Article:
Country Star Wynonna Judd made an appearance during the National Day of Prayer service at the White House Thursday where she had meetings this week.
“I just, I’m an artist and music does not discriminate,” she told reporters after President Donald Trump’s Rose Garden prayer event with faith leaders. Judd went on, “I think my job is to just show up and to support and I’ve known President Trump for 35 years, and it’s just about love and music for me today.”
Judd confirmed that she had a couple of meetings while at the White House, but declined to elaborate “because it would be inappropriate for the people I met with.”
“I’m gonna tell you something when the time comes, oh you’ll know,” she said, “cuz I’m loud and proud.”
Judd said she’s been at the White House many times since first visiting in 1983 and that she’s been there through six presidents. “Honestly, I am a servant. I’m in the Lord’s army,” she said.
Asked if she had private time to talk with the president on the visit, she said no, but that she’ll be back, “You’ll be seeing me and I’ll talk more.”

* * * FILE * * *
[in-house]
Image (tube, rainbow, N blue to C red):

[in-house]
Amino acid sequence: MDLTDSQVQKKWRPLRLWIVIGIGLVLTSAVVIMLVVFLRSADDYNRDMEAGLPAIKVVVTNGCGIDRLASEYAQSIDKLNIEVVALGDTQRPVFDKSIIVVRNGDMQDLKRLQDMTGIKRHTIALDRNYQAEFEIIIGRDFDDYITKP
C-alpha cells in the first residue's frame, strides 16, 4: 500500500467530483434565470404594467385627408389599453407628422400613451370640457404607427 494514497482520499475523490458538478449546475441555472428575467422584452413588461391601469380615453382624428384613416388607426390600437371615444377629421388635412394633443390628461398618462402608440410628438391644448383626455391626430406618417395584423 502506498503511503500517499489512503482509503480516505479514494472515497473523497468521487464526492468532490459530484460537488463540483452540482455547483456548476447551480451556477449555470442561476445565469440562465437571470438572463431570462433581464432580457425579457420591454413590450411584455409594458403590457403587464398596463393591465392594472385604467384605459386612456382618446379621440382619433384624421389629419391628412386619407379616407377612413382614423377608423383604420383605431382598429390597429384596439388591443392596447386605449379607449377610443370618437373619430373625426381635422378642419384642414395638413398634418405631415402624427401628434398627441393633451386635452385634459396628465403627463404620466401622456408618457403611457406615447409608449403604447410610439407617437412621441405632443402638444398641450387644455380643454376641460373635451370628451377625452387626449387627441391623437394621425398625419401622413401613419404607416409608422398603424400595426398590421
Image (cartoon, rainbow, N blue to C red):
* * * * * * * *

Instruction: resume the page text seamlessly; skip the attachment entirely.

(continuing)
“This is the beginning of a new chapter for me,” she said before introducing her husband Cactus Moser who stood with her. She talked about their band and traveling around the globe with a message of hope. She spoke of her husband’s prosthetic leg and their charity which gives away prosthetics.
She jokes about a moment during the Rose Garden ceremony, saying she thinks she got herself a gig there for next year’s event.
Judd said she’s working with “Brooke” and will be back. Politico reported she was talking about Brooke Rollins, a White House staff member and that they met Wednesday to discuss criminal justice reform. The Las Vegas Review-Journal reported that Rollins has been a “key figure” in White House efforts on criminal justice reform.
“I’m excited about what’s coming. I just can’t say,” Judd told the reporters in the Rose Garden Thursday.
She also talked about one of their “callings” with stepsoffaith.org.
Judd said that she was there at the White House not as much as an artist, but as a humanitarian. “I’m really using this time to speak out for the unloved, the people who feel forgotten, so that’s why I’m here,” she said.